Natural world art

Artist Elizabeth Thomson with one of her exoplanet works.

A new exhibition has opened at the Ashburton Art Gallery that explores art, science, imagination and the natural world we live in.

Wellington-based sculptor/installation artist Elizabeth Thomson is drawn to areas of botany, micro-biology, mathematics and oceanography.

The exhibition Cellular Memory has been touring the country for two years, with Ashburton gallery hosting the largest version of the show that includes a new suite of works called Lateral Theories.

Lateral Theories features two metre high ‘exoplanets’ made from fibreglass and resin, showing modified satellite images of earth taken from space.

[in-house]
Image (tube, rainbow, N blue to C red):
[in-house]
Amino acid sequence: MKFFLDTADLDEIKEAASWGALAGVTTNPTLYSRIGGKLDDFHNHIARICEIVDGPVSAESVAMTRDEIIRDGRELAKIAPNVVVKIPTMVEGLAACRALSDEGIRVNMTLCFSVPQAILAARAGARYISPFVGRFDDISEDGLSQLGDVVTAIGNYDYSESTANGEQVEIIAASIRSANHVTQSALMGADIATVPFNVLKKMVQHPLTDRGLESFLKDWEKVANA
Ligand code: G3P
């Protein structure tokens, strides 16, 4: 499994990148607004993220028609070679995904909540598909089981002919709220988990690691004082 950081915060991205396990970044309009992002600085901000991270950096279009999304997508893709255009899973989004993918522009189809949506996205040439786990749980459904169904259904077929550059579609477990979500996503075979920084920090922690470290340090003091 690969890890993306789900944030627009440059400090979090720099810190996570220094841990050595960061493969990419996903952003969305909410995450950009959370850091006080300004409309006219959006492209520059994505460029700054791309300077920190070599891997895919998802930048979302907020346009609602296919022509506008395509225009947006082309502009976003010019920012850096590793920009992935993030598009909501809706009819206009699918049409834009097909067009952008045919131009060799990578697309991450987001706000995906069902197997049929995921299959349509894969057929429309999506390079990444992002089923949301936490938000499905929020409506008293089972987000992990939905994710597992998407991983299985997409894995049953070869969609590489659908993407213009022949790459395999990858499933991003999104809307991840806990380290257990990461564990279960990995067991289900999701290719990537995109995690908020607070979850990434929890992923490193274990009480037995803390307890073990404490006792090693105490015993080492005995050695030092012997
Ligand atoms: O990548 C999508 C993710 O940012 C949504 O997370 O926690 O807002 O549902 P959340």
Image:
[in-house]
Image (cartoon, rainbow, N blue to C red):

Elizabeth is interested in possible habitations elsewhere and what they would look like.

“Because I have removed frames of reference from the works, they familiar to earth but not as well.

“In a way I am setting up an enquiry, I am leaving it up to people to bring their own experience with them.”

Exhibition curator Gregory O’Brien said the great thing about Ashburton is being able to show these bigger works about the planet.

“Ashburton Art Gallery is a fantastic space, people love to bring work here, the staff are fantastic, the space, the lighting, the walls and the technology of the place is state of art.

“Locals should realise this place is prestigious and has mana throughout the North Island.”

Cellular Memory runs until 24 October 2021.

By Daniel Tobin